Microsoft Bali Reportedly Aims to Give Individuals More Control Over Their Personal Data
Microsoft is reportedly building a new tool called Bali that is aimed at providing users with more control of the data collected about them. Bali is currently in early stages of development and available to select users in private beta testing. A webpage confirming the existence of the tool was found hosted on Microsoft Azure platform but seems to have been taken down since. The webpage allowed authorised users to sign in and manage their data and even seemed to offer a way to get a code to test the tool, but it is unclear if anyone outside Microsoft managed to get a code to access the tool.
Microsoft’s Bali was first revealed in a tweet by a user called Longhorn, who described it as “a project that can delete all your connection and account information (inverseprivacyproject).” The Twitter handle did not share any other information about the project. However, the about section of the Project Bali webpage (no longer available) noted that Bali is a “new personal data bank which puts users in control of all data collected about them….”.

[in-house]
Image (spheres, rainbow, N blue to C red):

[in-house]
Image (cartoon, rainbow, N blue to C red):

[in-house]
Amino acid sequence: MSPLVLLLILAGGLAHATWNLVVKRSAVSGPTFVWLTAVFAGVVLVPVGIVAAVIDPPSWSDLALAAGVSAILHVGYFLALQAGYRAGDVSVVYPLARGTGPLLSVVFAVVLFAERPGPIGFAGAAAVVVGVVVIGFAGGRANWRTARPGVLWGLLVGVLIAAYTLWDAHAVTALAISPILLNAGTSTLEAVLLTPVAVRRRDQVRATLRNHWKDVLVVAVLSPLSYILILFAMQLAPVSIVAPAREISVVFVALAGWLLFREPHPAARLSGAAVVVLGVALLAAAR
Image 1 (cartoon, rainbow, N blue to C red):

“The bank will enable users to store all data (raw and inferred) generated by them. It will allow the user to visualise, manage, control, share and monetise the data,” it added.
According to a report in ZDNet, Bali is a part of Microsoft Research incubation effort and based on Inverse Privacy, a concept that was introduced by Microsoft researchers Yuri Gurevich, Efim Hudis, and Jeannette M. Wing.
According to the report, Inverse Privacy is a phenomenon when an entity has personal information on you and that information is not available to you. The Microsoft researchers argue that the companies will share this information to the individual users because it is in their business interest. With increased data collection from everyone including governments and businesses on individuals worldwide, there has been an outcry for solutions that give users control of their data.
Many tech companies have already started offering downloads of personal data collected by them on individual users, but it seems Microsoft is looking for ways to go even further and offer the people even more control of their data, not just the ability to see what exactly a particular company has on you. With the likes of Facebook facing backlash over several data privacy scandals in 2018, Microsoft should certainly see some business incentive in giving more control to the users over their personal data.
Since the Bali webpage reportedly noted that the project is still in the initial stage, it is unclear when exactly the normal consumers will have access to it or how long it might take. Also, not every Microsoft Research project ends up being a reality.